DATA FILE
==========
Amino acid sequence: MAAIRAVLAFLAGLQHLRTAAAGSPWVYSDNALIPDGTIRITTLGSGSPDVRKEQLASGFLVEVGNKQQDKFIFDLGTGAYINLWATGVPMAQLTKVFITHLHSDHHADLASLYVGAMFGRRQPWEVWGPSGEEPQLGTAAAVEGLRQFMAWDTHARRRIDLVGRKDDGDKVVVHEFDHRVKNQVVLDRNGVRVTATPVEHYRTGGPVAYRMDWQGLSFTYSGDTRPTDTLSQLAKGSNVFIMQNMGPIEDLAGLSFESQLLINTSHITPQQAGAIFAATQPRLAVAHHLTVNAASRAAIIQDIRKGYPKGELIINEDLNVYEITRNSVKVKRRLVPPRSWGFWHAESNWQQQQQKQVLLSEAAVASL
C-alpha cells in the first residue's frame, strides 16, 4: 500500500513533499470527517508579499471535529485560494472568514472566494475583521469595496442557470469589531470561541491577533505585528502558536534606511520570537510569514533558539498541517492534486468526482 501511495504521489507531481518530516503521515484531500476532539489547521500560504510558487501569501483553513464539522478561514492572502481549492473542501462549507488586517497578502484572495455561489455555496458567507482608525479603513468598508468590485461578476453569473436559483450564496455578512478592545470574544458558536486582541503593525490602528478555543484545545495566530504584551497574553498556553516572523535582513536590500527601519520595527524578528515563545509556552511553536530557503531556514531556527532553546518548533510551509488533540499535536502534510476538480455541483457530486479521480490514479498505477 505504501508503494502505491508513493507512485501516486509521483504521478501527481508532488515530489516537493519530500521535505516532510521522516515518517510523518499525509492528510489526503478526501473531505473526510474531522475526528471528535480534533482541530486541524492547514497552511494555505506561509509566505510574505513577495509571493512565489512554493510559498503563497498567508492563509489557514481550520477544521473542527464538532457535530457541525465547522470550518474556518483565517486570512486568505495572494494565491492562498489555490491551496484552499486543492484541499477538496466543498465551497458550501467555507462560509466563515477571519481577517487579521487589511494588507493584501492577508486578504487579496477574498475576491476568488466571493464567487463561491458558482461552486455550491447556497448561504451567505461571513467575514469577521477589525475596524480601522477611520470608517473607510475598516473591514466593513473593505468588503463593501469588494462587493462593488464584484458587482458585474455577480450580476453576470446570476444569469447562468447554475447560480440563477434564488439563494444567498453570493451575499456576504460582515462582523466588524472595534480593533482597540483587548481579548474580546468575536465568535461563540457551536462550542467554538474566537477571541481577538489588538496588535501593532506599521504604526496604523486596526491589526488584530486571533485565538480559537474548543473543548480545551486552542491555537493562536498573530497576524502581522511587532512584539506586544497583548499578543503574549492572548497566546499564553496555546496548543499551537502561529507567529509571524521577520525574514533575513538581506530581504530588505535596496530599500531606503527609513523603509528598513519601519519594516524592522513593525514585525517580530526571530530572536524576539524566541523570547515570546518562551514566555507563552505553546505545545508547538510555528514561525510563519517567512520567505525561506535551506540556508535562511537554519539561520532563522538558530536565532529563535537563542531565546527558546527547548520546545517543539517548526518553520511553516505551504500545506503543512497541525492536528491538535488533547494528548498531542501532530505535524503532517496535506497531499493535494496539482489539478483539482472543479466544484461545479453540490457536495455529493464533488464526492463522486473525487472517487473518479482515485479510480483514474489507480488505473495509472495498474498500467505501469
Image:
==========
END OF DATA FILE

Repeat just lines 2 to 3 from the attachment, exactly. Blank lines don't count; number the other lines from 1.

C-alpha cells in the first residue's frame, strides 16, 4: 500500500513533499470527517508579499471535529485560494472568514472566494475583521469595496442557470469589531470561541491577533505585528502558536534606511520570537510569514533558539498541517492534486468526482 501511495504521489507531481518530516503521515484531500476532539489547521500560504510558487501569501483553513464539522478561514492572502481549492473542501462549507488586517497578502484572495455561489455555496458567507482608525479603513468598508468590485461578476453569473436559483450564496455578512478592545470574544458558536486582541503593525490602528478555543484545545495566530504584551497574553498556553516572523535582513536590500527601519520595527524578528515563545509556552511553536530557503531556514531556527532553546518548533510551509488533540499535536502534510476538480455541483457530486479521480490514479498505477 505504501508503494502505491508513493507512485501516486509521483504521478501527481508532488515530489516537493519530500521535505516532510521522516515518517510523518499525509492528510489526503478526501473531505473526510474531522475526528471528535480534533482541530486541524492547514497552511494555505506561509509566505510574505513577495509571493512565489512554493510559498503563497498567508492563509489557514481550520477544521473542527464538532457535530457541525465547522470550518474556518483565517486570512486568505495572494494565491492562498489555490491551496484552499486543492484541499477538496466543498465551497458550501467555507462560509466563515477571519481577517487579521487589511494588507493584501492577508486578504487579496477574498475576491476568488466571493464567487463561491458558482461552486455550491447556497448561504451567505461571513467575514469577521477589525475596524480601522477611520470608517473607510475598516473591514466593513473593505468588503463593501469588494462587493462593488464584484458587482458585474455577480450580476453576470446570476444569469447562468447554475447560480440563477434564488439563494444567498453570493451575499456576504460582515462582523466588524472595534480593533482597540483587548481579548474580546468575536465568535461563540457551536462550542467554538474566537477571541481577538489588538496588535501593532506599521504604526496604523486596526491589526488584530486571533485565538480559537474548543473543548480545551486552542491555537493562536498573530497576524502581522511587532512584539506586544497583548499578543503574549492572548497566546499564553496555546496548543499551537502561529507567529509571524521577520525574514533575513538581506530581504530588505535596496530599500531606503527609513523603509528598513519601519519594516524592522513593525514585525517580530526571530530572536524576539524566541523570547515570546518562551514566555507563552505553546505545545508547538510555528514561525510563519517567512520567505525561506535551506540556508535562511537554519539561520532563522538558530536565532529563535537563542531565546527558546527547548520546545517543539517548526518553520511553516505551504500545506503543512497541525492536528491538535488533547494528548498531542501532530505535524503532517496535506497531499493535494496539482489539478483539482472543479466544484461545479453540490457536495455529493464533488464526492463522486473525487472517487473518479482515485479510480483514474489507480488505473495509472495498474498500467505501469
Image: